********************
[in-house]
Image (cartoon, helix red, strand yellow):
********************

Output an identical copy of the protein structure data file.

[in-house]
Image (cartoon, helix red, strand yellow):